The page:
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You: Hybrid Programmer and Search Engine Marketer

Googling for information on the World Wide Web is such a common activity these days, that it is hard to imagine that just a few years ago this verb did not even exist. Search engines are now an integral part of our lifestyle, but this was not always the case. Historically, systems for finding information were driven by data organization and classification performed by humans. Such systems are not entirely obsolete – libraries still keep their books ordered by categories, author names, and so forth. Yahoo! itself started as a manually-maintained directory of web sites, organized into categories. Those were the good old days.

Today, the data of the World Wide Web is enormous and rapidly changing; it cannot be confined in the rigid structure of the library. The format of the information is extremely varied, and the individual bits of data – coming from blogs, articles, web services of all kinds, picture galleries, etc. – form an almost infinitely complex virtual organism. In this environment, making information findable necessitates something more than the traditional structures of data organization or classification.

Introduce the ad-hoc query and the modern search engine. This functionality reduces the aforementioned need for organization and classification; and since its inception, it has been become quite pervasive. Google’s popular email service, GMail, features its searching capability that permits a user to find emails that contain a particular set of keywords. Microsoft Windows Vista now integrates an instant search feature as part of the operating system, helping you quickly find information within any e-mail, Word document, or database on your hard drive from the Start menu regardless of the underlying file format. But, by far, the most popular use of this functionality is in the World Wide Web search engine.

These search engines are the exponents of the explosive growth of the internet, and an entire industry has grown around their huge popularity. Each visit to a search engine potentially generates business for a particular vendor. Looking at Figure 1.1 it is easy to figure out where people in Manhattan are likely to order pizza online. Furthermore, the traffic resulting from non-sponsored, or organic, search results cost nothing to the vendor. These are highlighted in Figure 1.1.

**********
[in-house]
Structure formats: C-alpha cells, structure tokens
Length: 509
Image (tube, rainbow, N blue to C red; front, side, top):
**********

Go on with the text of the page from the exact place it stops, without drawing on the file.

The less obvious effect of the search engine explosion phenomenon is that web developers are now directly involved in the search engine marketing process. To rank well in these organic results, it may not be enough to “write relevant content,” as your typical search engine marketing tutorial drones. Rather, the web application developer must work together with the marketing team, and he or she must build a web site fully aware that certain features or technologies may interfere with a search engine marketing campaign. An improperly designed web site can interfere with a search engine’s need to periodically navigate and index the information contained therein. In the worst case, the search engine may not be able to index the content at all.

So, ironically, while users are becoming less interested in understanding the structure of data on the internet, the structure of a web site is becoming an increasingly important facet in search engine marketing! This structure – the architecture of a web site, is the primary focus of this book.

We hope that this brief introduction whets your appetite! In the remainder of this chapter we will tell you what to expect from this book. You will also configure your development machine to ensure you won’t have any problems following the technical exercises in the later chapters.

So tell me what you think?  Does it make you want to buy the book or perhaps a pillow?  Leave a comment (or perhaps pre order the book!).


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